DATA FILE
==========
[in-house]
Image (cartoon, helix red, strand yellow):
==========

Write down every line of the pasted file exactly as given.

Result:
[in-house]
Image (cartoon, helix red, strand yellow):